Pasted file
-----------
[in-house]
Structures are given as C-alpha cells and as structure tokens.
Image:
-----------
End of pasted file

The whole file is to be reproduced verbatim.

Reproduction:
[in-house]
Structures are given as C-alpha cells and as structure tokens.
Image: